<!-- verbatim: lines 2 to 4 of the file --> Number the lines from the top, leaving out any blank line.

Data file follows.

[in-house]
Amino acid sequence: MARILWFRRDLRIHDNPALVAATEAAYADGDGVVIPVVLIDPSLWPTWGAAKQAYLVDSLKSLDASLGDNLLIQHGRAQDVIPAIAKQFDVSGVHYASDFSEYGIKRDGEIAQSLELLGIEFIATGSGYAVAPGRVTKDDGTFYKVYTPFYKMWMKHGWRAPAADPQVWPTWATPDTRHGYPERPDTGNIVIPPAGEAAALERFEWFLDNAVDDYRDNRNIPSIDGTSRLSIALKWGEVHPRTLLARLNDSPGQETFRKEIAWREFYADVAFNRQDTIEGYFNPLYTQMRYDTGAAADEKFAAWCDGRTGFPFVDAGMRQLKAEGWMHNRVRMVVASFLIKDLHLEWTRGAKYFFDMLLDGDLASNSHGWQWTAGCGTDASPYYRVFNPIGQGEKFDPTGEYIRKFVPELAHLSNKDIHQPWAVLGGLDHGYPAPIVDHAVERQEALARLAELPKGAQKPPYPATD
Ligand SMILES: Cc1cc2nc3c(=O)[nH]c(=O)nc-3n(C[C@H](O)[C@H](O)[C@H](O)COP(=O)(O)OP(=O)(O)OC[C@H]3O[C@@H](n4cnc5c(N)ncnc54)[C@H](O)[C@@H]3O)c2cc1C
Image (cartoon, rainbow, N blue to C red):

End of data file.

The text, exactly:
Amino acid sequence: MARILWFRRDLRIHDNPALVAATEAAYADGDGVVIPVVLIDPSLWPTWGAAKQAYLVDSLKSLDASLGDNLLIQHGRAQDVIPAIAKQFDVSGVHYASDFSEYGIKRDGEIAQSLELLGIEFIATGSGYAVAPGRVTKDDGTFYKVYTPFYKMWMKHGWRAPAADPQVWPTWATPDTRHGYPERPDTGNIVIPPAGEAAALERFEWFLDNAVDDYRDNRNIPSIDGTSRLSIALKWGEVHPRTLLARLNDSPGQETFRKEIAWREFYADVAFNRQDTIEGYFNPLYTQMRYDTGAAADEKFAAWCDGRTGFPFVDAGMRQLKAEGWMHNRVRMVVASFLIKDLHLEWTRGAKYFFDMLLDGDLASNSHGWQWTAGCGTDASPYYRVFNPIGQGEKFDPTGEYIRKFVPELAHLSNKDIHQPWAVLGGLDHGYPAPIVDHAVERQEALARLAELPKGAQKPPYPATD
Ligand SMILES: Cc1cc2nc3c(=O)[nH]c(=O)nc-3n(C[C@H](O)[C@H](O)[C@H](O)COP(=O)(O)OP(=O)(O)OC[C@H]3O[C@@H](n4cnc5c(N)ncnc54)[C@H](O)[C@@H]3O)c2cc1C
Image (cartoon, rainbow, N blue to C red):